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Man Is Cleared in 1 Case, Jailed in 2nd

After a DNA test frees Leonard McSherry and he gets $481,000 for his 13 years in prison, he faces new charges.

May 01, 2003|Daniel Hernandez and Monte Morin | Times Staff Writers

It should have been a day of sweet vindication for Leonard McSherry.

After McSherry served 13 years in prison for a crime he insisted he didn't commit, Gov. Gray Davis cut him a check for almost half a million dollars as compensation for being wrongly imprisoned. The state agreed to pay the sum after a DNA test performed last year showed he was innocent of raping a 6-year-old girl in 1988.

But as the governor announced the settlement Tuesday, McSherry was sitting in a downtown Los Angeles jail cell.

He was arrested April 10 in connection with loitering around a Beverly Hills elementary school and ordered held on $250,000 bail. He has pleaded not guilty to five counts of misdemeanor loitering. His attorney, Mark Overland, declined to comment.

The arrest caught the governor's office off-guard Wednesday.

"I don't know what to say about that," Davis spokesman Byron Tucker said when told by a reporter about McSherry's status. "This appears to be an unfortunate and rather ironic twist of fate for Mr. McSherry; however, his current situation is in no way reflected in the claim he is entitled to."

McSherry's arrest comes as he is suing the city of Long Beach in federal court for false arrest. Even though McSherry, 53, was cleared of one molestation, Long Beach officials point out that he has a long criminal record, including three other molestations, a kidnapping and an indecent-exposure conviction dating to 1969.

"I never thought this guy should have been released in the first place," said William Reidder, a Long Beach city attorney. "If someone is stupid enough to pay this man, there's nothing I can do about it. I hope his prior victims file a lien against it."

Davis' office released a statement Tuesday saying the governor had signed a $2.4-million appropriations bill that compensated almost 600 people with various claims against the state -- claims that included unfair imprisonment and uncollected tax refunds. The statement named only two of the recipients: McSherry and Frederick Daye, who was exonerated of kidnapping and rape charges by DNA testing.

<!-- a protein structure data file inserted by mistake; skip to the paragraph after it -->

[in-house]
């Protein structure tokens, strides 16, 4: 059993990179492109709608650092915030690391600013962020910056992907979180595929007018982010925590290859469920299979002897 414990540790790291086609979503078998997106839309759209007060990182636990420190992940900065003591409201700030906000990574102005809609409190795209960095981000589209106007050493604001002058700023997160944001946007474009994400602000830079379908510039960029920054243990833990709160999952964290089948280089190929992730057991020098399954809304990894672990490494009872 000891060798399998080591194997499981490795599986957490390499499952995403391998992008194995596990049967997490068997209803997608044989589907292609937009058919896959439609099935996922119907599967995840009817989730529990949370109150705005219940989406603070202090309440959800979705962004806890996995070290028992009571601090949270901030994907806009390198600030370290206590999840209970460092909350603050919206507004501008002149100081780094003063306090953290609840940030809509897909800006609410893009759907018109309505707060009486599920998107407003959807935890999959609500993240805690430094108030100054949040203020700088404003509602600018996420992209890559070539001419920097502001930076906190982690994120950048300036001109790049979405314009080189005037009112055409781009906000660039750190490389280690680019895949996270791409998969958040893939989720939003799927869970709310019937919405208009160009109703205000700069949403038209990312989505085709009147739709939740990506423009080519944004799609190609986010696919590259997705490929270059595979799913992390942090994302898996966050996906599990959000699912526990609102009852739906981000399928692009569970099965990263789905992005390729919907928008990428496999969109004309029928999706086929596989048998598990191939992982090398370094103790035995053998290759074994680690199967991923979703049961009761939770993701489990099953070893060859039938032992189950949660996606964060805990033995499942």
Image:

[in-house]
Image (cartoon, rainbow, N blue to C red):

McSherry "was incarcerated from October 1988 to December 2001 for a crime he did not commit, which was supported by DNA evidence discovered by the California Department of Justice," Tucker said.

McSherry will receive $481,200, or $100 for each day he was in custody, all tax-free. The money will be paid through the victim's compensation and government claims board, officials said.

McSherry could not be reached for comment.

His odyssey through the criminal justice system began long before a jury convicted him in 1988 of raping a young girl at a Navy housing complex in Long Beach.

In the 15 years prior to that, McSherry had been arrested and prosecuted a half-dozen times for alleged crimes. He had become so notorious among sex crimes investigators in Long Beach that police placed him under around-the-clock surveillance for three weeks in 1986.

This intense scrutiny became the core of McSherry's defense in 1988 after he was accused of raping the Long Beach girl. The investigation and trial occurred in the early days of DNA evidence, and although McSherry was given the option of admitting such evidence into his trial, he waived that right. Prosecutors charged that he had taken the girl to his grandmother's house and assaulted her there.

The victim picked McSherry out of a lineup. She described the scene of her assault in detail, claiming there was a photograph of her attacker on the wall. In fact, a police search turned up a photograph of McSherry's grandfather on a bedroom wall, an image that bore a striking resemblance to the defendant, prosectors said.

McSherry adamantly maintained his innocence. In a 1986 interview with the Long Beach Press-Telegram, he said: "They've got me painted out as some ... Jack the Ripper. Because of my past, I don't blame the police [for thinking] it could happen again.... It will never happen again."

After he served 13 years, a testing lab in Maryland compared McSherry's DNA with genetic material found at the rape scene. They did not match. However, the sperm found on the little girl did match that of another prison inmate, George Valdespino, 60, who is serving 45 years to life for the 1997 kidnapping and molestation of another young girl.

After being freed, McSherry sought and won a ruling of factual innocence in 2002. That finding, however, failed to spare him from public scrutiny.

When he attempted to move into his parents' home in Irvine, neighbors protested. Angry parents picketed the home on a weekly basis and threatened to sue the former inmate for allegedly lowering their property values. McSherry secluded himself in his parents' home for a time, insisting that he posed no threat. After two months, he moved out.

At the time of his April arrest, McSherry was listed as living in Santa Monica.


Times staff writer Li Fellers contributed to this report.

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